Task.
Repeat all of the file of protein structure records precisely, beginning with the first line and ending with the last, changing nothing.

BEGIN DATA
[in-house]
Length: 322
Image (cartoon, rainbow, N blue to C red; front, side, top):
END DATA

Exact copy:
[in-house]
Length: 322
Image (cartoon, rainbow, N blue to C red; front, side, top):